Foreshortening is a powerful tool – it helps us convey depth and volume in our drawings. This exercise provides a useful way to help begin to explore foreshortening as a drawing skill, without worrying too much over it’s complexities.
Before you start the exercise: Make a Folded Sketchbook:
Folded sketchbooks are a great tool to use when undertaking a drawing exercise which will involve making several drawings. They are quick and easy to make, and they enable you to make many drawings, without worrying too much about how it’s going. Then when you are finished drawing, you can open out the sketchbook to form a study sheet, which allows you to reflect upon your work and make connections between images.
To make an 8 panel folded sketchbook, take a sheet of paper (A1 or A2) and fold it as shown below. Make a “T” shaped cut (see below) and then fold the sheets back on their self to make a booklet.
To make a 16 panel booklet, fold and cut as follows:
Once you have made your sketchbook you’ll need to gather together your subject matter for this exercise. You need to find a collection of objects – about 16 – we used small animals which work really well, but you could also use an eclectic collection of small domestic objects – hairbrushes, forks, cups, books etc etc.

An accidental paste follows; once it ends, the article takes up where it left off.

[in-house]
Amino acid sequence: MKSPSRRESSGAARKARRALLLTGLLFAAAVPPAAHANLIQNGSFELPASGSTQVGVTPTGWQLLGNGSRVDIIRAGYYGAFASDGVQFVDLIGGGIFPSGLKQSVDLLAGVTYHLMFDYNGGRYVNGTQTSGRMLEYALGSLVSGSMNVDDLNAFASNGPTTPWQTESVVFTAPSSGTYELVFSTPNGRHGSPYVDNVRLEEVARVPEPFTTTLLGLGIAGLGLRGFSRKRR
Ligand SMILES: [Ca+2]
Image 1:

Make sure you have plenty of room to display your objects with space in between each one. Place them on a white sheet so that you can see their outlines well.
In this exercise you are going to draw a number of objects very quickly. You are only concerned with line (not tone or mass) – we just want you to start building an understanding of how forms change when you see them from different angles (in other words of how foreshortening occurs). Each drawing should take you no longer than 30 seconds – you’re just going to be making a very quick line drawing.
Fold you sketchbook and on a clean page make a 30 second drawing of any object on display – do not turn the object or spend any time choosing which to draw – just draw!
Then move on to your next object/drawing. Find a clean page in your book (don’t look at your last drawing – no time to worry!) and draw another object (no time to choose either!)
Continue until you have filled all the panels.
Open out your sheet. Observe how you have captured foreshortening (in a simple way) and enjoy the sketchbook-like study sheet.
Make a second study sheet of the same objects. This time make the foreshortening even more dramatic by changing your perspective. Slouch down so that your eye level is nearer the level of the objects.
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